Alexander Zeldin's brutally honest and darkly humorous play exposes stories of an invisible class.
Alexander Zeldin has, since 2011, formed an ensemble of actors in the UK with the aim of collaborating together long term in projects where he writes. Their projects include Doing the Idiots (National Theatre Studio 2012 - a response to Lars Von Trier's film The Idiots), Shemehe and Beyond Caring (Yard Theatre, 2013). His work has been recognised by a nomination to the Rolex Mentor Protege Award in 2012, for the leading young artistic voices of the future.
It's an elegy to an invisible class . . . This is character-driven
theatre at its purest . . . It's a play about what unremitting
poverty does to the soul, where poverty is not starvation, but life
without dignity. * Spectator *
The piece has drive and purpose and a social conscience * The Stage *
Beyond Caring seethes. It brings your blood to boiling point. * Time Out *
Totally compelling . . . This understated 90 minutes is quietly devastating . . . As time moves, slowly, the whole thing gradually becomes more and more heightened, emotionally and theatrically. The beauty of the piece . . . is that it eschews sob stories in favour of genuine tragedy. Just as these people keep themselves pretty much to themselves until the final, desperate moments, so the play always slyly shows and never tells. There are no big speeches. There is much awkward silence. People reveal themselves in small gestures . . . There are gusts of sadness; moments of pure desolation. But mostly there is work, with people struggling to survive: to the end of the shift, the end of the day, to the end of life itself. -- Lyn Gardner * Guardian *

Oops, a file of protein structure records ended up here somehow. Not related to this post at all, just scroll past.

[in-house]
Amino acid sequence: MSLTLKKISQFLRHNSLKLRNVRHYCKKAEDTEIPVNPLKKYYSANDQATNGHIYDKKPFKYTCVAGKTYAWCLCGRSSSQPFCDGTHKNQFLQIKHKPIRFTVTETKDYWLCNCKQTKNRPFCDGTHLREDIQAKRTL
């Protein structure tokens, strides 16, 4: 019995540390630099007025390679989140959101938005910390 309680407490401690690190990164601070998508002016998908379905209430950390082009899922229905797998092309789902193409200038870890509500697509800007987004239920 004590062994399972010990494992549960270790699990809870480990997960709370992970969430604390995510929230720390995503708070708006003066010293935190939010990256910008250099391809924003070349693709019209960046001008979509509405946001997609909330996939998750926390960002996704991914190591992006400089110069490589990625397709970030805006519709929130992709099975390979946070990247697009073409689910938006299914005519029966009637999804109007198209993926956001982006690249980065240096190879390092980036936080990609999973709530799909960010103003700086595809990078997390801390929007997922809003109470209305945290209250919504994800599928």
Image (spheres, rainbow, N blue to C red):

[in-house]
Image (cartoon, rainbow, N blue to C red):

Alexander Zeldin's devised drama gives an unforgettable taste of life at the bottom of the employment pile. . . . it has a rare quality of gripping authenticity. * Daily Telegraph *
this desolate, quietly intense devised drama gets under your skin and into your bones. . . . it's a ringing condemnation of an economic practice that puts profit before people and turns the basic business of earning a living into a barely sustainable, soul-destroying hell. Unforgettable. * The Times *
Zeldin boldly sticks to unostentatious naturalism and draws the audience into this world. . . . this raw, unsentimental piece has immense cumulative power and quietly conveys just what it means to live with such a crippling lack of security. * Financial Times *
very funny: understated but wincingly convincing in the manner of the best TV mockumentaries. . . . his writing has its own effective rhythm and, underneath it all, real compassion. * Independent *
"Beyond Caring" is beyond praise. * International New York Times *
A reminder that dramas about those living on or below the breadline in Britain are shamefully few and far between. * Sunday Times *